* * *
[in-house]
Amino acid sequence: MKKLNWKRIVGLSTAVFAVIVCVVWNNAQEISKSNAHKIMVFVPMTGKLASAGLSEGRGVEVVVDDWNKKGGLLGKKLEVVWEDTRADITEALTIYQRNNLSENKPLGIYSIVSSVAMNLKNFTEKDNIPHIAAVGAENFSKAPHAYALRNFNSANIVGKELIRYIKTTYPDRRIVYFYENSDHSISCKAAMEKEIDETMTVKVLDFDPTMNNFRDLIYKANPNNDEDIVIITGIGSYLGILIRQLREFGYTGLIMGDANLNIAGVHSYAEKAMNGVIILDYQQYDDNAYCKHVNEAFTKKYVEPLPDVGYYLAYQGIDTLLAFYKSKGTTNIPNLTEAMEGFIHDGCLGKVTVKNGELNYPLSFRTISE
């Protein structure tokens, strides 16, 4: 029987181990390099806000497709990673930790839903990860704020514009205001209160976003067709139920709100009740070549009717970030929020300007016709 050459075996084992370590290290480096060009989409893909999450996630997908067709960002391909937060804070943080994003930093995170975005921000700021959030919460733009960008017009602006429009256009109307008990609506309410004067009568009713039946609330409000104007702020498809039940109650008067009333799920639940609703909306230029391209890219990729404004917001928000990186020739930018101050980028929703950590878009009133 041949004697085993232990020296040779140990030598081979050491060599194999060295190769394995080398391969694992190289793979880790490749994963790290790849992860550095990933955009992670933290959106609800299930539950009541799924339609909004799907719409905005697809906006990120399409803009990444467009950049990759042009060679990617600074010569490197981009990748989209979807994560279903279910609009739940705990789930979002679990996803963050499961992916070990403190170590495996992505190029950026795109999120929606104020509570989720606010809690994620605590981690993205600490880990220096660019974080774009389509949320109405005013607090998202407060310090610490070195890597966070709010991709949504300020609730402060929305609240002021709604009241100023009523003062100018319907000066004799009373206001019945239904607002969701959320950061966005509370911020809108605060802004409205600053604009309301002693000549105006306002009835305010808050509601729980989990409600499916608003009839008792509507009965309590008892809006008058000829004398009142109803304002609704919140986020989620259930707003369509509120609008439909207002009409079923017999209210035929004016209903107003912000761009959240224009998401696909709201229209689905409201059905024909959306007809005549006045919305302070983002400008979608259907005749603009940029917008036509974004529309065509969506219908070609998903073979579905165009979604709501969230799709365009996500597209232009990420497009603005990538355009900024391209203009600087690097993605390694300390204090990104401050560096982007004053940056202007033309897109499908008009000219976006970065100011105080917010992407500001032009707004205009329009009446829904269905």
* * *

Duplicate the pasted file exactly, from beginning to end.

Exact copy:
[in-house]
Amino acid sequence: MKKLNWKRIVGLSTAVFAVIVCVVWNNAQEISKSNAHKIMVFVPMTGKLASAGLSEGRGVEVVVDDWNKKGGLLGKKLEVVWEDTRADITEALTIYQRNNLSENKPLGIYSIVSSVAMNLKNFTEKDNIPHIAAVGAENFSKAPHAYALRNFNSANIVGKELIRYIKTTYPDRRIVYFYENSDHSISCKAAMEKEIDETMTVKVLDFDPTMNNFRDLIYKANPNNDEDIVIITGIGSYLGILIRQLREFGYTGLIMGDANLNIAGVHSYAEKAMNGVIILDYQQYDDNAYCKHVNEAFTKKYVEPLPDVGYYLAYQGIDTLLAFYKSKGTTNIPNLTEAMEGFIHDGCLGKVTVKNGELNYPLSFRTISE
């Protein structure tokens, strides 16, 4: 029987181990390099806000497709990673930790839903990860704020514009205001209160976003067709139920709100009740070549009717970030929020300007016709 050459075996084992370590290290480096060009989409893909999450996630997908067709960002391909937060804070943080994003930093995170975005921000700021959030919460733009960008017009602006429009256009109307008990609506309410004067009568009713039946609330409000104007702020498809039940109650008067009333799920639940609703909306230029391209890219990729404004917001928000990186020739930018101050980028929703950590878009009133 041949004697085993232990020296040779140990030598081979050491060599194999060295190769394995080398391969694992190289793979880790490749994963790290790849992860550095990933955009992670933290959106609800299930539950009541799924339609909004799907719409905005697809906006990120399409803009990444467009950049990759042009060679990617600074010569490197981009990748989209979807994560279903279910609009739940705990789930979002679990996803963050499961992916070990403190170590495996992505190029950026795109999120929606104020509570989720606010809690994620605590981690993205600490880990220096660019974080774009389509949320109405005013607090998202407060310090610490070195890597966070709010991709949504300020609730402060929305609240002021709604009241100023009523003062100018319907000066004799009373206001019945239904607002969701959320950061966005509370911020809108605060802004409205600053604009309301002693000549105006306002009835305010808050509601729980989990409600499916608003009839008792509507009965309590008892809006008058000829004398009142109803304002609704919140986020989620259930707003369509509120609008439909207002009409079923017999209210035929004016209903107003912000761009959240224009998401696909709201229209689905409201059905024909959306007809005549006045919305302070983002400008979608259907005749603009940029917008036509974004529309065509969506219908070609998903073979579905165009979604709501969230799709365009996500597209232009990420497009603005990538355009900024391209203009600087690097993605390694300390204090990104401050560096982007004053940056202007033309897109499908008009000219976006970065100011105080917010992407500001032009707004205009329009009446829904269905």